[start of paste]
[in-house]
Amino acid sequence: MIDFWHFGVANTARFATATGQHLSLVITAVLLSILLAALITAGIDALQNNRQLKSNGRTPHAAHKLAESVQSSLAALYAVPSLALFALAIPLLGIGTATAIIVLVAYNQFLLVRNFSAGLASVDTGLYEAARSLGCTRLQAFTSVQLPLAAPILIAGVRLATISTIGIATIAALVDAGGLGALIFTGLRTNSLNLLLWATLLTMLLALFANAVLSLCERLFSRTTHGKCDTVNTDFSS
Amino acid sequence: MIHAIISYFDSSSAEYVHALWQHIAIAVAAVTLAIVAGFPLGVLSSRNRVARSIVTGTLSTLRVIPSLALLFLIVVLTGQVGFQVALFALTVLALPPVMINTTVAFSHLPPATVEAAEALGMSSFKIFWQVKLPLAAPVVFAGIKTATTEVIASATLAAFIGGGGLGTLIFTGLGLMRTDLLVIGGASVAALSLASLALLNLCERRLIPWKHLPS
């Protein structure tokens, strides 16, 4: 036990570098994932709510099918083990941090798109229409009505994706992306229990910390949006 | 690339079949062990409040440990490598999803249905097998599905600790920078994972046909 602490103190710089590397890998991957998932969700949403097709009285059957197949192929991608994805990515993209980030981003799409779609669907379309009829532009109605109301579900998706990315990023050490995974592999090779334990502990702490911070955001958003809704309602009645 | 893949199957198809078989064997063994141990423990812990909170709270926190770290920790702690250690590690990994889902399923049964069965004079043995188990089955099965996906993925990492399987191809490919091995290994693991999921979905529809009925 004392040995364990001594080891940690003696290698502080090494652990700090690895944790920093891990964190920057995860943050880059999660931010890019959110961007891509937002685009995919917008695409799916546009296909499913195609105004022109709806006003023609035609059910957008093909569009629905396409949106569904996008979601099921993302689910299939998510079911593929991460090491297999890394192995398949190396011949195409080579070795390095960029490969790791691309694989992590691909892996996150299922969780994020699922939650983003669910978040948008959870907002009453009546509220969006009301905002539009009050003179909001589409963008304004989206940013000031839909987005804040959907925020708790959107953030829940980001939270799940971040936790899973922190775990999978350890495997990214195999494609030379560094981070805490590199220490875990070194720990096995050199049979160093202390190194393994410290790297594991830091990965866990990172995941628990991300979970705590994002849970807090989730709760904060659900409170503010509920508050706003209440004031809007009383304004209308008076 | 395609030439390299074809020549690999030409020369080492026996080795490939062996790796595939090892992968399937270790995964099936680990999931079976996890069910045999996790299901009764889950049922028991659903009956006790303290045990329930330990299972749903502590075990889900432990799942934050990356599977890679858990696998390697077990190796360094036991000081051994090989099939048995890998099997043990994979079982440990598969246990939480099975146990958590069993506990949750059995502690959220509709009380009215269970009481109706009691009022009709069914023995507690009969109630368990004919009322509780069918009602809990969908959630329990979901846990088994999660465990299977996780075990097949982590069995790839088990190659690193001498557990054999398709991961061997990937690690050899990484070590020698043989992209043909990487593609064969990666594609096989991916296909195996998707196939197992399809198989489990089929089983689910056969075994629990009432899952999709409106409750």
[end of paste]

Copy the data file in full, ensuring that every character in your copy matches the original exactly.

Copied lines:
[in-house]
Amino acid sequence: MIDFWHFGVANTARFATATGQHLSLVITAVLLSILLAALITAGIDALQNNRQLKSNGRTPHAAHKLAESVQSSLAALYAVPSLALFALAIPLLGIGTATAIIVLVAYNQFLLVRNFSAGLASVDTGLYEAARSLGCTRLQAFTSVQLPLAAPILIAGVRLATISTIGIATIAALVDAGGLGALIFTGLRTNSLNLLLWATLLTMLLALFANAVLSLCERLFSRTTHGKCDTVNTDFSS
Amino acid sequence: MIHAIISYFDSSSAEYVHALWQHIAIAVAAVTLAIVAGFPLGVLSSRNRVARSIVTGTLSTLRVIPSLALLFLIVVLTGQVGFQVALFALTVLALPPVMINTTVAFSHLPPATVEAAEALGMSSFKIFWQVKLPLAAPVVFAGIKTATTEVIASATLAAFIGGGGLGTLIFTGLGLMRTDLLVIGGASVAALSLASLALLNLCERRLIPWKHLPS
């Protein structure tokens, strides 16, 4: 036990570098994932709510099918083990941090798109229409009505994706992306229990910390949006 | 690339079949062990409040440990490598999803249905097998599905600790920078994972046909 602490103190710089590397890998991957998932969700949403097709009285059957197949192929991608994805990515993209980030981003799409779609669907379309009829532009109605109301579900998706990315990023050490995974592999090779334990502990702490911070955001958003809704309602009645 | 893949199957198809078989064997063994141990423990812990909170709270926190770290920790702690250690590690990994889902399923049964069965004079043995188990089955099965996906993925990492399987191809490919091995290994693991999921979905529809009925 004392040995364990001594080891940690003696290698502080090494652990700090690895944790920093891990964190920057995860943050880059999660931010890019959110961007891509937002685009995919917008695409799916546009296909499913195609105004022109709806006003023609035609059910957008093909569009629905396409949106569904996008979601099921993302689910299939998510079911593929991460090491297999890394192995398949190396011949195409080579070795390095960029490969790791691309694989992590691909892996996150299922969780994020699922939650983003669910978040948008959870907002009453009546509220969006009301905002539009009050003179909001589409963008304004989206940013000031839909987005804040959907925020708790959107953030829940980001939270799940971040936790899973922190775990999978350890495997990214195999494609030379560094981070805490590199220490875990070194720990096995050199049979160093202390190194393994410290790297594991830091990965866990990172995941628990991300979970705590994002849970807090989730709760904060659900409170503010509920508050706003209440004031809007009383304004209308008076 | 395609030439390299074809020549690999030409020369080492026996080795490939062996790796595939090892992968399937270790995964099936680990999931079976996890069910045999996790299901009764889950049922028991659903009956006790303290045990329930330990299972749903502590075990889900432990799942934050990356599977890679858990696998390697077990190796360094036991000081051994090989099939048995890998099997043990994979079982440990598969246990939480099975146990958590069993506990949750059995502690959220509709009380009215269970009481109706009691009022009709069914023995507690009969109630368990004919009322509780069918009602809990969908959630329990979901846990088994999660465990299977996780075990097949982590069995790839088990190659690193001498557990054999398709991961061997990937690690050899990484070590020698043989992209043909990487593609064969990666594609096989991916296909195996998707196939197992399809198989489990089929089983689910056969075994629990009432899952999709409106409750």